• On the other hand, a few participants suggested the program have a broader focus beyond weight loss.
  • Some employees felt that the team challenges did not accommodate all types of participants and could be improved. (You can read about each of the three team callenges and view pictures in previous posts.)
  • Some participants recognized that a team does not work well for everyone; some were frustrated with their specific team or other individuals lack of commitment to the program.
  • Participants would like more time to meet one-on-one with a Coach.
  • Some participants would prefer less email reminders during the program.
  • Participants suggested that we improve the fitness related assessments. (I blogged about this too.)

Friday, May 14, 2010

Tracking our Biggest Mover Team Progress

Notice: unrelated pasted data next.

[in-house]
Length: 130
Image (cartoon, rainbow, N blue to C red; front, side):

We just announced our first week's Biggest Mover Team winner. Congratulations to Team Anything Goes! The rankings were determined by the average points recorded per team member in the President's Challenge site, so teams were seriously disadvantaged if all their team members had not set up accounts and recorded their activities.

The HR team came up with a fun way to show the weekly team rankings. Nothing like a little craft project on a Friday afternoon.

Thursday, May 13, 2010

Stan's a New Man -- Interview with Stan Dublinske a Biggest Loser

What motivated you to lose weight?

My doctor said, “You’re going to die!”
My new motto -- Eat less! Exercise more!!!

How did you change your diet?

I began watching what I was eating. I paid attention to the portion size, ate fewer treats and more fruits and vegetables. Now I eat at least six small meals a day. I also started drinking a lot of water.

What is your exercise routine?

I take fitness classes at ASHA four mornings a week. In the afternoon, when the weather is nice, I walk home which takes 30 to 45 minutes. When it isn’t nice, I ride the stationary bike or use the treadmill in the exercise room for 30 to 45 minutes doing intervals. On weekends, I try to walk or take a hike at least one day. And, now it is golf weather! I try to play once a week.

How did ASHA’s Biggest Loser campaign help you?